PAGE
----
And that’s Pt2:The narrow road is hard because: it requires humility-admiting we need Jesus and can’t save ourselves. And that’s the stumbling block for lots of people. Humility isn’t easy. It’s hard to admit that on your own you’re stuck and will never save yourself. It’s humbling to conclude that you’re a lost sinner. We live in a world that tells us over and over how good we are. We give out medals just for participating and showing up, everyone’s a winner. We don’t want anybody left behind, you deserve it, it’s your right is the pervasive opinion out there. So thinking of ourselves as lost just isn’t popular-but it’s the truth. These two roads are the dividing line, the crossroads, between human achievement and God’s accomplishment. The wide road is the one that says-You’re not too bad, you haven’t killed anybody or robbed a bank. As if that’s a noble standard! But we think-Sure I’ve made a few mistakes, who hasn’t? But God knows how I’ve tried to be a decent person, He knows how I’ve tried to do good in life-that counts, right? But that’s not right. Unfortunately that doesn’t count-and that’s the lie that leads to destruction. Across our planet people have bought into the lie that good people go to heaven-but that’s not the case because we’ve all fallen short of God’s goodness. The truth isn’t that good people go to heaven, instead the truth is that forgiven people go to heaven. So the narrow road is the one that says-As sinners we’re lost. Like stray sheep we’ve wandered away, and we need a Savior to come and rescue us and forgive us. And Luke 15 pictures it beautifully-Lk 15:4-7 Now those people don’t actually exist, but Jesus is making the distinction because the one who humbly repents is the one who’s going down the narrow road. He’s the person who says-I can’t save myself. I’m lost and on my own I’ll die in my sins, which is why I trust in you, Jesus, because you have died for my sins. The humility of the narrow road forces you to realize that you’re more sinful and flawed and lost than you ever thought; but the moment you realize that you realize the even deeper truth that you’re more loved and forgiven in Jesus Christ than you ever dared to believe. Humility is the gateway, it’s the path that leads to life-and few find it because humility never is and never will be popular. Humility bears a cost that few are willing to pay.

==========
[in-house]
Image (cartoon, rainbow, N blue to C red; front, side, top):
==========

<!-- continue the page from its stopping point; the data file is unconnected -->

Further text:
And that’s Pt3:The narrow road is hard because: it’s costly-giving up all our stuff and seeking our Savior. Now don’t misunderstand me, you pay nothing for salvation. It’s a gift as Ephesians says, the grace of Jesus that saves you doesn’t cost a dime, you don’t earn it or work for it by being religious; it’s something you freely receive through faith in Jesus. So you pay nothing for salvation, yet trusting Jesus costs everything you have-at least from an earthly perspective. Remember what Jesus would go on to say-Matt 16:24-25. Going down the narrow road means you leave everything else behind. All the baggage of sin, the old habits and addictions, your selfish tendencies, even your desires and wants-I must have this and I really must have that! It’s all left behind because your heart is set elsewhere. All the idols of this world that tug at you are left at the station, you’ve dropped off all your baggage at the gate, all your suitcases and luggage remain behind. This is journey where you don’t need any of that stuff-Charles Spurgeon quote. And that’s not easy-that means death to our old selves, death to the ways we used to live, death to the things we once thought were so important, that we couldn’t live without-but compared to eternity, in the light of Christ and His grace-those things really cease to matter.